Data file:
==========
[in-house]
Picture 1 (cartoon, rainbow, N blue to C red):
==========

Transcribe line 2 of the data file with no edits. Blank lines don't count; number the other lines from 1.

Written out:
Picture 1 (cartoon, rainbow, N blue to C red):